In commercial industry, demand is largely regulated by price: “I’d love that 3D telly, but I can’t afford it right now”. But NHS services are largely free for us to use.

They are also free to GPs, who control most of our access to hospitals through patient referrals – except A&E of course, where we decide whether or not to visit.

Traditionally, GPs referred cases to their hospital consultant colleagues that were complex, or needed high-tech interventions. It’s always been assumed that referrals are driven purely by clinical criteria (what patients need) and specific skills (of a particular hospital specialist), not serendipity or whimsy. Patients’ needs and clinicians’ expertise are supposed to matter – not consumer choice or doctors’ golfing schedules.

However, if the balance between supply and demand has depended on these assumptions, they have been eroded over the years; it’s been assumed that patients seek help when they need it (though the tension between ‘need’ and ‘want’ increases as we’re encouraged to become consumers of a ‘free good’ like the NHS); we’ve also assumed that hospitals respond to demand (and are not incentivised to increase it) and that GPs are professionally driven only to refer patients when there is an absolute need.

But with GPs’  contracts now based largely on listed activities,  they are less prepared to absorb the grey areas where no explicit activities or payments are described – for example a home visit to a bereaved widow.

Apply these criteria to the A&E situation and the results are obvious:

  • Patients, now consumers used to instantaneous service in other aspects of their lives, are bound to prefer going to A&E than waiting for an appointment with their GP. Not only is A&E open 24/7 but tests that would take weeks to arrange through normal channels are instantly available. Sure, the care is neither continuous or holistic in A&E, but these concepts have been increasingly devalued because they are so hard to measure.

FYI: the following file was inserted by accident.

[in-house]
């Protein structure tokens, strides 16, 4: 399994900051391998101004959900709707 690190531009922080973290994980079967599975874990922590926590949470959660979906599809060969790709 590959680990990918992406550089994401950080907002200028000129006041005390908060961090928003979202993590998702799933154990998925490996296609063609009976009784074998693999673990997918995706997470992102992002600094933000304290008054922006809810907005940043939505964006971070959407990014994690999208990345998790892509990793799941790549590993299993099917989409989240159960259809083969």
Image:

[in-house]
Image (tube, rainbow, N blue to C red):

• Hospitals receive payment for every attendance at A&E, and get addiitonal sums if patients are then admitted to the wards. They are also punished for keeping patients in A&E for more than four hours, so admitting patients becomes a no-brainer. It’s only now, when demand for hospital services is starting to outstrip supply – and the cash to feed it – that the cracks in the system are beginning to show.
  • If there are no disincentives for GPs to refer patients into hospital then why wouldn’t they do it, when they feel disenfranchised and de-professionalised by the reforms that have been churning round them for three decades?

This is all easy to analyse, but harder to repair. The basic precept underpinning the NHS has been that it’s free at the point of delivery, so the mismatch between consumerism and the welfare state is bound to expand, unless the notion of corporate responsibility in health can be re-introduced or until services cease to be free.

One mooted idea has been to increase public awareness of NHS costs, on the basis that this might make them think twice before (ab)using the ‘free’ service.

Activity-based hospital funding isn’t sustainable, and a return to some kind of risk sharing between service providers and those who commission services (the GPs) is a prerequisite to managing demand at an institutional level.

GPs’ incentives must be better aligned so that it becomes truly in their interest (professionally and morally, as well as financially) to restrict referrals to those that are really necessary.

The biggest issue is that of managing service availability; as long as we increase the supply of hospital services (particularly in A&E departments) this will feed demand. We have responded to the supply side constraints in clinics and investigation facilities by increasing that supply, so it is hardly surprising that this has in its turn encouraged higher demand.

The obvious corollary would be to deliberately restrict services, but that would be very hard to sell politically to an already disillusioned electorate. However, if GPs and the CCGs were allowed to do what they were first intended to do, their core purpose would be to extract the optimum health benefit from the public funds allocated to NHS Trusts.